No-one doubts the brutal punching power of WBC heavyweight champ Deontay Wilder. With either hand, the unbeaten banger has dropped guys, taken them out – left them convulsing on the canvas even. The knock on Wilder is not his inability to score the knockout, it is his all-round boxing skills, or lack of them, that have drawn the ire of the critics.
Yet Wilder, in a very interesting interview with talkSPORT, spoke of the fact that he does not in any way get the credit he deserves for his skill-set, that there is no way he would have been able to have dropped so many fighters if he did not have the skills with which to set up his punches. Wilder, who says Tyson Fury’s family do not wish to see Fury get in a ring with him a second time, such is the clear and present danger he presents, is adamant he has a far greater ring IQ that his critics will admit – or can even see.
“Second time the bell rings, I’m going to knock him out, but even faster,” Wilder said of a second fight with Fury. “He’s not getting up this time, I promise you. When I hit Tyson Fury he had a concussion. He didn’t know how he got up. He didn’t know how he got dropped or how he got up – that’s a sign of a concussion. His family don’t want him to fight me again and I understand, they shouldn’t. Because I am the hardest puncher in probably the history, period. I’m blessed with the power – I just know where to hit you. And if people always don’t think I have boxing skills, how do I set a person up if I don’t have these skills? The set-up with the jab, the set-up with the right hand, then the left-hook. You have to have some kind of skill to understand those combinations. I don’t get enough credit for my intellect inside the ring. But, it’s okay, though, because it allows the other team to be unable to figure me out. If everyone says the same thing and continues to not see the greatness inside of me, I’ll never be figured out.”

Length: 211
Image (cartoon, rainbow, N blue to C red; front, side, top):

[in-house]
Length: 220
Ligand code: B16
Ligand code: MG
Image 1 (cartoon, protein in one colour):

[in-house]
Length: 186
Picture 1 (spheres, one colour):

Clearly, despite what his critics say, Wilder is doing a whole lot right when he fights. So far, though Fury came close in their December draw, no-one has managed to defeat Wilder; this despite his lack of skill. And though Wilder was guilty of facing some poor to average at best opposition earlier in his career, he has dealt with good men since: Luis Ortiz, Dominic Breazeale, Chris Arreola, Malik Scott, etc.
If it ain’t broke, don’t fix it, the old adage goes. This could be applied to Wilder and his style and approach to fighting. And the thing is, Wilder, closing in on his 34th birthday, could be getting better.